Year in review: Breakthrough gene editor sparks ethics debate | Science News

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Year in review: Breakthrough gene editor sparks ethics debate

Researchers use CRISPR to edit nonviable human embryos

7:04am, December 15, 2015

CUT AND PASTE  This year, the gene editing system CRISPR has opened the door to new scientific advancements — and ethical concerns. 

A revolutionary gene-editing technology made headlines this year as much for the ethical and societal issues it raised as for the scientific accomplishments it enabled.

CRISPR (pronounced crisper) burst on the scientific scene in 2012, when researchers transformed what had originally been identified as a rudimentary immune system in bacteria into one of the most powerful tools in molecular biology. Composed of RNA and an enzyme that slices up invading viruses, CRISPR allows researchers to edit nearly any gene in any organism much more precisely and efficiently than older methods.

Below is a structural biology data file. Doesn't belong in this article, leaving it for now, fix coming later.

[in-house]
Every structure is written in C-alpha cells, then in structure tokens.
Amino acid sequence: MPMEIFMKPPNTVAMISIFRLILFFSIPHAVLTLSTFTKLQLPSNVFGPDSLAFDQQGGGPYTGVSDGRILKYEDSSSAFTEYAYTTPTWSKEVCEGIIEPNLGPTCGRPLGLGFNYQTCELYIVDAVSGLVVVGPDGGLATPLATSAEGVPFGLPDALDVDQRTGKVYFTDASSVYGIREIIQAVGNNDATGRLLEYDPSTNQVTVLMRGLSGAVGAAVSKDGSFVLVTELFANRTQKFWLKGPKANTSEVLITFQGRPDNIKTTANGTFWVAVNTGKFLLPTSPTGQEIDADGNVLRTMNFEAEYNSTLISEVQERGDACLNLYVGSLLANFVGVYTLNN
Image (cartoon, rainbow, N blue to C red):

Many people hope doctors will soon find a way to use the gene editor to fix mutations that cause genetic diseases, a boon for gene therapy. But that potential also comes with big concerns about the possibility of human germline

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